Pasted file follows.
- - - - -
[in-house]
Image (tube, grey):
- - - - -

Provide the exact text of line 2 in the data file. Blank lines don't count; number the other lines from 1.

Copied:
Image (tube, grey):